Step time asymmetry but not step length asymmetry is adapted to optimize energy cost of split-belt treadmill walking

Jan Stenum, Julia T. Choi

Research output: Contribution to journalArticlepeer-review

Abstract

Key points: The relationship between spatiotemporal gait asymmetry and walking energetics is currently under debate. The split-belt treadmill paradigm has been used to study adaptation of spatiotemporal gait parameters in relation to energetics, but it remains unclear why people reduce asymmetry in step lengths, but prefer asymmetry in step times. In this study we characterized the effects of step time asymmetry and step length asymmetry on energy cost during steady-state walking on a split-belt treadmill at increasing speed-differences. Both the optimal and preferred step time asymmetry increased with greater speed differences, while preferred step lengths remained constant and nearly symmetric. Preferred asymmetric step times were energetically optimal across all speed-difference conditions, while preferred step length asymmetry was not optimal. The findings show that humans will adopt an asymmetric gait that is associated with an energy reduction and suggest that step time asymmetry plays a dominant role in shaping the energetic cost of gait asymmetry. Abstract: Healthy human walking is symmetric and economical; hemiparetic and amputee gait is often asymmetric and requires more energy. Consequently, asymmetry has been attributed to account for the added energy cost of pathological gait. But it is also possible that asymmetric gait may be adopted if it is energetically optimal under certain biomechanical and neurological constraints of the locomotor system. Here, we assessed how preferred asymmetry in step times and step lengths of healthy human gait is adapted during split-belt treadmill walking and tested the hypothesis that asymmetry is adapted to optimize metabolic energy cost. Ten healthy, young participants walked on a split-belt treadmill in three conditions in which the average belt speed was always 1.25 m s–1 and the speed difference between the belts was 0.5 m s–1, 1.0 m s–1 and 1.5 m s–1 while a range of values of step time asymmetry and step length asymmetry were enforced. We found that preferred step time asymmetry increased with greater speed differences while preferred step length asymmetry remained constant and nearly symmetric. With increasing speed differences participants increased their preferred value of step time asymmetry to coincide with the lowest energy cost. However, our results show that preferred step length asymmetry was not optimal even with extensive experience of split-belt treadmill walking. Overall, our results indicate that humans will adopt an asymmetric gait that is associated with an energy reduction and suggest that step time asymmetry plays a dominant role in shaping the energetic cost of gait asymmetry.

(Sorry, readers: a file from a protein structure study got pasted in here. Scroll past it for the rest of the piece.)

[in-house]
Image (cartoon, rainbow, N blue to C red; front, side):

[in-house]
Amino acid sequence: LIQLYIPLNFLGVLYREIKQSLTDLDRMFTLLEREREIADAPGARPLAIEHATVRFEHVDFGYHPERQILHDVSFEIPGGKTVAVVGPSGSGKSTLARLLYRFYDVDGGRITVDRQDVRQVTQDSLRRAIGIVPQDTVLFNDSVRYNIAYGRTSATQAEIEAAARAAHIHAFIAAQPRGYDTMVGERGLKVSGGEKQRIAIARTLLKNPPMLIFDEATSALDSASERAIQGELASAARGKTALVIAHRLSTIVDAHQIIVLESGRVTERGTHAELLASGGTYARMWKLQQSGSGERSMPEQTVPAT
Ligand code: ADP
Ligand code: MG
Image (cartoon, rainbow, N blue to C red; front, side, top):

Original languageEnglish (US)
Pages (from-to)4063-4078
Number of pages16
JournalJournal of Physiology
Volume598
Issue number18
DOIs
StatePublished - Sep 1 2020

Keywords

  • energy optimization
  • gait asymmetry
  • locomotion
  • metabolic cost
  • motor learning
  • split-belt treadmill

ASJC Scopus subject areas

  • Physiology

Fingerprint

Dive into the research topics of 'Step time asymmetry but not step length asymmetry is adapted to optimize energy cost of split-belt treadmill walking'. Together they form a unique fingerprint.

Cite this